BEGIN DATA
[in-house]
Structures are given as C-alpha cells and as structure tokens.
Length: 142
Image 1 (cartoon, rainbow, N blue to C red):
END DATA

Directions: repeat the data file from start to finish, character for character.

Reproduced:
[in-house]
Structures are given as C-alpha cells and as structure tokens.
Length: 142
Image 1 (cartoon, rainbow, N blue to C red):